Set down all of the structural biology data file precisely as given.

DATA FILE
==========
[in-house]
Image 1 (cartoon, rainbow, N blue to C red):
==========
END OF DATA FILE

[in-house]
Image 1 (cartoon, rainbow, N blue to C red):